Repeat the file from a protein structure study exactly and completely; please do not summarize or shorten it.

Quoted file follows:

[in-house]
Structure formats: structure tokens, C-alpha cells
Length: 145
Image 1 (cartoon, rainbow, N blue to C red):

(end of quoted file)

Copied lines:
[in-house]
Structure formats: structure tokens, C-alpha cells
Length: 145
Image 1 (cartoon, rainbow, N blue to C red):